137 Wellington Street West Toronto  I, Canada

Have sure enjoyed ‘Iron-Men Album’ since my subscription
started a few months ago.

However, your July-August issue has an inaccuracy in cut lines,
or notes under photos, repeated incidentally, which I must correct.
The name, Cockshutt, in Canada is like Roosevelt, Vanderbilt,
McCormick, Case to you. Cockshutt plows have been known in Canada
and over most of the world for well over half a century.

I refer specifically to Page 13 of your July-August issue, with
two photos by a fellow Canadian, Carl Fisher, of Briercrest, Sask.,
– how well I remember that name from the ’20’s when I was
provincial editor of the old Regina Post!

I write to correct the word, Cock-shut, describing plows twice
on that page. The Cockshutt Plow Company was started by Ignatius
Cockshutt and his brother back in 1877 at Brantford, Ontario, and
believe me, they’re still there.

I remember, as a young guy on our farm in Alberta, working on an
outfit with two Cockshutt ‘Brush Breaker’ plows powered by
a 110 hp Case steamer. These plows were made in Brantford by the
Cockshutt Plow Co., and were built to stand the heavy work for
which they were designed. They turned a 24 to 30 inch furrow, 10 or
12 inches deep if need be, to get under the willow or poplar
stumps. The beam was compounded of three slabs of steel, each one
inch thick, and about six inches wide, bolted together with 1 inch
steel bolts. One went back at a 135 degree angle to back end of the
land; the centre section went straight down to the mould board
brace and land, and the third went forward at about a 45 degree
angle to strengthen the ‘Cutter’ which was notched onto the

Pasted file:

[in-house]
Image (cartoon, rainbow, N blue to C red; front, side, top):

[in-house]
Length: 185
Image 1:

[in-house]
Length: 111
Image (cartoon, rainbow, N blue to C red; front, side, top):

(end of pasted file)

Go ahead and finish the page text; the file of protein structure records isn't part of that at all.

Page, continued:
point of the plowshare and kept razor sharp to slice through stumps
and willow clumps. I’ve seen that old 110 Case snap a one inch
steel cable, and I’ve also seen one of those plows slice
through and turn over a 14 inch green poplar stump, and turn it
over like Buffalo grass sod.

I’ve also been one of the hands who worked two days to get
that same old 110 Case onto solid ground after the engineer let it
bury itself in semi-soft grey clay on this same breaking job. It
saved us burning a lot of green poplar, because by the time we got
enough 6 and 8 inch logs under those 48 x 84 inch wheels for her to
pull herself out of the soft spot, the wood was buried deep enough
to stay there, be filled over by ‘floats’, disc harrows,
etc., and rot to form plant food that would help produce No. 1
Northern wheat which commonly ran 60 bushels to the acre on newly
broken ground.

John Deere made a good imitation, but with all due respect, they
would not take the tough going that those old Cockshutts could.
Mind you, that’s not the only claim to fame for the Cockshutt
Company. But it is certainly one to all old timers who remember the
opening of the three Canadian prairie provinces, i.e., Manitoba,
Saskatchewan and Alberta. They made all types of farm implements,
binders, mowers, rakes, plows from single walking jobs to 14 bottom
gang plows for steam or gas tractors, and all the rest of it. The
names I remember clearly back in the early ’20’s were
Cockshutt, Massey-Harris, John Deere, McCormick-Deering, Oliver,
and so on.

You should know that the late Col. Henry Cockshutt (same family
and head of the Company) was Lieutenant – Governor of Ontario from
September 1921 until January 1927. C. Gordon, his nephew, retired
as President of Cockshutt at Brantford within the past year or

So, when you speak of ‘Cock-shut’ plows, you are very,
very wrong. Ask John Deere in Moline, I11. Some of the old timers
there will remember too well the competition they had in the
‘good old days’ with the Cockshutt Plow Company.

Keep up the good work, and if you’re in doubt at any time
about Canadian names or companies like that, don’t hesitate to
write me. I don’t know much, but I can always find the

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